The symptoms of HIV and AIDS vary, depending on the phase of infection.

Primary infection

The majority of people infected by HIV develop a flu-like illness within a month or two after the virus enters the body. This illness, known as primary or acute HIV infection, may last for a few weeks. Possible symptoms include:

  • Fever
  • Muscle soreness
  • Rash
  • Headache
  • Sore throat
  • Mouth or genital ulcers
  • Swollen lymph glands, mainly on the neck
  • Joint pain
  • Night sweats
  • Diarrhea

Although the symptoms of primary HIV infection may be mild enough to go unnoticed, the amount of virus in the blood stream (viral load) is particularly high at this time. As a result, HIV infection spreads more efficiently during primary infection than during the next stage of infection.

Clinical latent infection

In some people, persistent swelling of lymph nodes occurs during clinical latent HIV. Otherwise, there are no specific signs and symptoms. HIV remains in the body, however, as free virus and in infected white blood cells.

Clinical latent infection typically lasts eight to 10 years. A few people stay in this stage even longer, but others progress to more-severe disease much sooner.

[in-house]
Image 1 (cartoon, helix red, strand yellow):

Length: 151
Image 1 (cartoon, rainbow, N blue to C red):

Early symptomatic HIV infection
As the virus continues to multiply and destroy immune cells, you may develop mild infections or chronic symptoms such as:

  • Fever
  • Fatigue
  • Swollen lymph nodes — often one of the first signs of HIV infection
  • Diarrhea
  • Weight loss
  • Cough and shortness of breath

Progression to AIDS

If you receive no treatment for your HIV infection, the disease typically progresses to AIDS in about 10 years. By the time AIDS develops, your immune system has been severely damaged, making you susceptible to opportunistic infections — diseases that wouldn't trouble a person with a healthy immune system. The signs and symptoms of some of these infections may include:

  • Soaking night sweats
  • Shaking chills or fever higher than 100 F (38 C) for several weeks
  • Cough and shortness of breath
  • Chronic diarrhea
  • Persistent white spots or unusual lesions on your tongue or in your mouth
  • Headaches
  • Persistent, unexplained fatigue
  • Blurred and distorted vision
  • Weight loss
  • Skin rashes or bumps

When to see a doctor

If you think you may have been infected with HIV or are at risk of contracting the virus, see a health care provider as soon as possible.

Aug. 11, 2012